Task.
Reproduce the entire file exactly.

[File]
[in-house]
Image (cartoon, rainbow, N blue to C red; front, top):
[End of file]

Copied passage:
[in-house]
Image (cartoon, rainbow, N blue to C red; front, top):